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Anger management

Press the start button on anger management

Saturday, November 03, 2012 by: Ben Meredith
Tags: anger management, rage, video games

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(NaturalNews) Children generally demonstrate resistance to situations where they feel alone, overwhelmed, or disinterested. Researchers at Boston Children's Hospital; however, have undergone a new study into anger management therapy that creates a relatable and more enjoyable treatment for youthful patients. The secret? Video games.

The purpose of the study is two-fold: to train the children to control their emotions, and to potentially reduce the need for medication.

Researchers developed a video game that they named Regulate and Gain Emotional Control (RAGE Control). It uses a finger heart rate monitor that halts a player's ability to shoot enemy spaceships when the heart rate becomes too elevated until the patient regains control of their anger or frustration again.

The study involved two groups of children between the ages of nine and 17, all of whom were admitted to the psychiatric unit of the hospital with high levels of anger. They had to have normal IQs and be capable of going the length of the study without medication.

The control group went through standard anger management treatment. The second group also went through the standard treatment, but in addition, the last 15 minutes of their therapy sessions were spent playing RAGE Control. Five sessions later showed that the RAGE Control players were better at maintaining a normal heart rate. The players also showed lower anger scores in relation to the frequency of anger over time, expressions of anger towards other people or things, and the intensity of anger at any given time. Alternatively, the control group showed no significant changes from the beginning in any of these categories.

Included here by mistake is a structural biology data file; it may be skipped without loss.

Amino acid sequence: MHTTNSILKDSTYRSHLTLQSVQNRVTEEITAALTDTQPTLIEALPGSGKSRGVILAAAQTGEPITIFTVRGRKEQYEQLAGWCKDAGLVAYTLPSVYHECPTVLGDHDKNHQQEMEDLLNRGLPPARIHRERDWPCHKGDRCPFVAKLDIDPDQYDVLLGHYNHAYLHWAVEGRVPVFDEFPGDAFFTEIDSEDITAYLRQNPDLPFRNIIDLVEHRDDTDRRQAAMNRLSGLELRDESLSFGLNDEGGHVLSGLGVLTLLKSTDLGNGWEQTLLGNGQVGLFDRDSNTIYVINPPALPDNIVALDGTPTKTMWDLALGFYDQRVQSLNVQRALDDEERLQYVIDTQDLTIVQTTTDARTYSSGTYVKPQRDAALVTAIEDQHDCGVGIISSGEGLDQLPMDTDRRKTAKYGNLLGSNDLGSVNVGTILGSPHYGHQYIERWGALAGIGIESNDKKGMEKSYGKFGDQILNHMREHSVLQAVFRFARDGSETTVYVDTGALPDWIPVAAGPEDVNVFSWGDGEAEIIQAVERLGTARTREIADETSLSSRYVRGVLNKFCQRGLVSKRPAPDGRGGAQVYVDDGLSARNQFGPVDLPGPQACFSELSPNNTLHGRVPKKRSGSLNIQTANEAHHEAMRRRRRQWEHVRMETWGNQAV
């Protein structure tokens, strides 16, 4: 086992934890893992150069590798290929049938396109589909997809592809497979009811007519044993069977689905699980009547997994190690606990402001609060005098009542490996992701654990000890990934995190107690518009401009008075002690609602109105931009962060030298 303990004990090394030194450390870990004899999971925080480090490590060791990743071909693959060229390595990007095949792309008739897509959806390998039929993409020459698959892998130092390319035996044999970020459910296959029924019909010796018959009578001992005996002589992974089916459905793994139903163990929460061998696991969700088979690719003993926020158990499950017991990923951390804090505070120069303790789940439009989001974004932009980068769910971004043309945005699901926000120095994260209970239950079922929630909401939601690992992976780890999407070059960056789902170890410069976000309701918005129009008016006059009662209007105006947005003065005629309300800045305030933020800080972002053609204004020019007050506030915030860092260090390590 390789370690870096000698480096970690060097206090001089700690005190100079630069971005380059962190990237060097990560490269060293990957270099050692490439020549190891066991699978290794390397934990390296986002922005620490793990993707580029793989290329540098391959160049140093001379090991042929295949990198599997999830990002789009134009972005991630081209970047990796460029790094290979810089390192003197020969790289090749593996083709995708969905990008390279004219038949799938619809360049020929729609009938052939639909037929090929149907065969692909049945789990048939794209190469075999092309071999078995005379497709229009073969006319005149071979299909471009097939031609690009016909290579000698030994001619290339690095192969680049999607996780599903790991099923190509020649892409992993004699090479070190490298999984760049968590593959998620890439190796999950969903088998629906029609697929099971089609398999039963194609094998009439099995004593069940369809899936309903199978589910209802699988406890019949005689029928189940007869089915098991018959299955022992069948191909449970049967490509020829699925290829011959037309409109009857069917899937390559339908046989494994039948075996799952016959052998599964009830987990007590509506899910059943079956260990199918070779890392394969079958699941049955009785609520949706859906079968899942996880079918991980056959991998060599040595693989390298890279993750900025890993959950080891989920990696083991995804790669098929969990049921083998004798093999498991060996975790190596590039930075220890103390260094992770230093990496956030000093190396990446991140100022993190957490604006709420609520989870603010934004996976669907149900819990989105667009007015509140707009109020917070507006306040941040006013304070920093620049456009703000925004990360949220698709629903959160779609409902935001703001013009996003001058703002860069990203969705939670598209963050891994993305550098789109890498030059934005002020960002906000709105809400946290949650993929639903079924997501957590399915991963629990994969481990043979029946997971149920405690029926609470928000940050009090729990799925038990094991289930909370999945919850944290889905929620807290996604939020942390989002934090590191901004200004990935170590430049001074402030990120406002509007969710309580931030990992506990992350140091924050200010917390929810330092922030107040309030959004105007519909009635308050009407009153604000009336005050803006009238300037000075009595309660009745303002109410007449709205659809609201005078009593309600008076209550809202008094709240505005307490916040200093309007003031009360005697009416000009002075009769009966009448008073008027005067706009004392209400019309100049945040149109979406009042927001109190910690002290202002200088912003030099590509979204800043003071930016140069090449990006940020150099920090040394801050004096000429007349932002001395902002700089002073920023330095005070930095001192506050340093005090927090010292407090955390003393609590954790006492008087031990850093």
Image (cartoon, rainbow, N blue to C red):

Despite these positive findings, the study isn't definitive at this point. The number of participants was quite small, with 19 kids in the control group and 18 in the other, and researchers didn't follow up with the participants after their five sessions were over.

Nevertheless, the researchers consider this first study as a good step. They are currently conducting a randomized, controlled clinical trial that involves children teaming up with parents for 10 game sessions. As in the first study, an elevated heart rate stops the ability to shoot. This incorporates cooperation and encouragement into the game, with the hope that it will help participants learn how to not only manage their own emotions, but to aid others in anger management as well.

The researchers' full report on the pilot study can be found in the current issue of the Adolescent Psychiatry journal.

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About the author:
Ben enjoys writing about the benefits of green tea at Tendig.com, a revenue sharing site that publishes unique and interesting articles.

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